The $1,100 Cell Phone

Cash flow. Wouldn’t you like to have more of it around tax time? Well then, it may be time to delay or reconsider that new cell phone purchase.

man holding brown leather bi fold wallet with money in it
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Recently this “sticker shock” issue came to the forefront for me when I forked over $1,100 for my new Samsung Galaxy Note cell phone. OK, you may say, “Why didn’t you go with the zero-interest payment plan?” or, “Where have you been, Kerrie?” To which I would respond,

  1. I did not go with the payment plan despite it being zero interest because I am all about having as much free cash flow as possible (therefore minimizing annoying monthly payments) and as little debt (except a mortgage) as possible.
  2. I realize that back in 2017 the $969 iPhone 7 Plus came into being. So, I delayed purchasing a new phone and eeked out as much as I could with the old phone until it essentially ran out of memory and could no longer function as needed.

The reason this issue got me thinking on a deeper level about savings and cash management is because…. it is tax time. By this April, although 65% of American taxpayers will have paid less taxes than in the previous year, a good number of the people reading this note are part of the 6% of tax payers who will pay more taxes for 2018. And over our lifetimes, the people reading this will also likely pay higher and higher taxes (as a percentage of income) in the years to come.Yes, it is Friday, and my goal is to leave you with an uplifting message or at least a few pieces of valuable information! Please stay with me here.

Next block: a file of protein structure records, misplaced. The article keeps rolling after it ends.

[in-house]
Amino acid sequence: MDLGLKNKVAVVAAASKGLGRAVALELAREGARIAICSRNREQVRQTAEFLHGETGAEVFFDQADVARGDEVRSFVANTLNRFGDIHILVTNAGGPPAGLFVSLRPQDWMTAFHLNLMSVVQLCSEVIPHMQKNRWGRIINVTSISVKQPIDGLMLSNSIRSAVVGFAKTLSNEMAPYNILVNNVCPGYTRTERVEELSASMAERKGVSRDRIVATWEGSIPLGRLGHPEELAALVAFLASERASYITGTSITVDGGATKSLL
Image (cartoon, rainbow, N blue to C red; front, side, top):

The $1,100 cell phone for which I promptly paid in-full (which can be compared to the possibly alarming or surprising amount of tax payment due by April 15th of this year and in future years) brings up the concepts of:

  • Keeping “an intelligent amount” of cash on hand,
  • Teaching our kids, grand kids, nieces and nephews about “free cash flow,”
  • Understanding that cash savings, rainy day and emergency funds are critical.

As for determining what “an intelligent amount of cash” means, please ask me. This number greatly, greatly varies by lifestyle, spending, risk tolerance, income, needs, health, age and other factors. The amount is not always easily determined – no matter your income.

When it comes to teaching our children, the most important factor is to start early! Elementary and high schools have just started to scratch the surface of introducing the topic of money and saving. However, too many schools (in my opinion) make the conversation more about buying stocks and minding a portfolio of stocks than about the basics of cash management. The real basics involve Spending, Saving — EARNING — and, yes, Paying Taxes.

Finally, “Cash is King.” Having in place a stash of cash savings, “rainy day” fund, or emergency fund is one of the first things I bring up with all of my clients, no matter their income. Heck, CD rates have even become minimally respectable again! That cash will either be truly needed at some point soon… or simply allow you substantial peace of mind.


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